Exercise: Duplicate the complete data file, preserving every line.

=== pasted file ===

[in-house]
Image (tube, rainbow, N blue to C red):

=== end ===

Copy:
[in-house]
Image (tube, rainbow, N blue to C red):